Buckwheat Cornbread

Buckwheat Cornbread with Bacon & Padron Peppers

Based on this recipe for Buckwheat Cornbread from the Washington Post.

Ingredients:

  • 1 1/2 cups stone-ground yellow cornmeal
  • 1/2 cup stone-ground buckwheat flour
  • 2 teaspoons baking powder
  • 1/2 teaspoon baking soda
  • 1 teaspoon kosher salt
  • 1 Tablespoon sugar
  • 1 small yellow onion, finely chopped (1/2 cup)
  • 1/2 Cup Chopped Padron Peppers
  • 2 large eggs, beaten
  • 1 3/4 cups low-fat buttermilk
  • 2 Tablespoons Butter
  • 1/4 Pound Bacon
  • METHOD:

    Preheat the oven to 450 degrees.

    Stir together the cornmeal, buckwheat flour, baking powder, baking soda, salt, sugar, onion, and peppers in a large mixing bowl until thoroughly combined.

    Combine the eggs and buttermilk in a medium mixing bowl. Melt butter and stir into the milk mixture.

    Cook the bacon in a hot 9″ cast iron skillet until crisp. Reserve crispy bacon and leave hot bacon grease in pan.

    Add bacon to cornmeal mixture. While the pan is heating, add the buttermilk mixture to the cornmeal mixture, stirring just until combined. Pour into the hot bacon grease containing skillet; a crust should form immediately. Cook for a minute on the stove top, then transfer to the oven and bake for 25 to 30 minutes, until a toothpick inserted into the center comes out clean. Allow the corn bread to rest for 10 minutes before serving.

    The Duke Dreams

    Duke Ellington: This Isn't Piano, This Is Dreaming from thisisdreaming.com on Vimeo.

    “Where did you get your ideas from?”
    “The Ideas? Oh, man, I got a million dreams. It’s all I do is dream. All the time.”
    “I thought you played piano.”
    “No, no, no, no, no! This is not playing piano, this is dreaming.”
    …Duke plays…
    “That’s dreaming.”

    Be Always Drunken

    “Be always drunken.
    Nothing else matters:
    that is the only question.
    If you would not feel
    the horrible burden of Time
    weighing on your shoulders
    and crushing you to the earth,
    be drunken continually.

    Drunken with what?
    With wine, with poetry, or with virtue, as you will.
    But be drunken.

    And if sometimes,
    on the stairs of a palace,
    or on the green side of a ditch,
    or in the dreary solitude of your own room,
    you should awaken
    and the drunkenness be half or wholly slipped away from you,
    ask of the wind,
    or of the wave,
    or of the star,
    or of the bird,
    or of the clock,
    of whatever flies,
    or sighs,
    or rocks,
    or sings,
    or speaks,
    ask what hour it is;
    and the wind,
    wave,
    star,
    bird,
    clock will answer you:
    “It is the hour to be drunken!”

    Charles Baudelaire, Paris Spleen, 1864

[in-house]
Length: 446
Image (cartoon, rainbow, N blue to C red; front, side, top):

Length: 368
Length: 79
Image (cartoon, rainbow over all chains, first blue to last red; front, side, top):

If Baudelaire’s “Be Always Drunken” is one of your favorite poems, basically, ever, what do you do when you quit drinking?

    If you’ve spent the last 10 years as something of a cocktail & spirits expert and a bartender, what do you do, if you don’t drink?

    I mean, for more than 5 years, the cocktails of the Savoy Cocktail Book were a fairly single minded obsession for me. Getting (or making) the ingredients, making the drinks, photographing the drinks, writing the SavoyStomp.com Blog, hosting Savoy Nights at Alembic, etc.

    Daniel Hyatt was prescient, saying a long time ago, “If you ever finish this thing, you are going to have some serious post-partum depression.”

    Seriously, even leaving aside the drinking part, that’s a lot of effort & time I was spending over Savoy Cocktails, that is now free.

    Well, the obvious thing, is to find something else to do, other than drink & write about drinking.

    I guess that is the whole plan of AA. You have to go to at least a meeting every day. You meet with your sponsor. You drink lots of coffee. You smoke. You hang out with your new AA buddies. You’ve got badges and buttons to earn. Pretty clearly, you’re replacing the time you spent drinking and hanging out with your drinking buddies and those rewards, with the time spent fulfilling your responsibilities to the AA organization.

    Unfortunately, I don’t believe in a higher power, nor do I have any desire to hang out in church basements drinking coffee.

    So, to set myself up for success, in this whole “not drinking” experiment, I’m going to have to find something to occupy my time.

    Prior to my obsession with cocktails, my enthusiastic hobbies have included, in no particular order, Reading, Botany, Gardening, Computer Games, Music, Playing Music…

    Oh, huh, I still have that clarinet I bought when I was just out of college.

    Well, learning to play the clarinet is certainly something that can take up a lot of time and attention.

    Performing music was really my first addiction and enthusiasm.

    I started performing music in the children’s choir at church and continued to sing and perform in pretty much every possible way through high school: Band, Jazz Band, Choir, Musicals, and yes, even, horror of horrors, Madrigal.

    Stopped performing when I went off to college and started drinking.

    Is it possible that every other addiction, or enthusiasm, in my adult life has just been a substitute for the buzz of performing music?

    Now that is something to think about.

    …and I doubt Mr Baudelaire would disagree that it is possible to be drunken with song…